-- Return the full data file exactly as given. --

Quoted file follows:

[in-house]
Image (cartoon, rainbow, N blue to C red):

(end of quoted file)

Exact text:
[in-house]
Image (cartoon, rainbow, N blue to C red):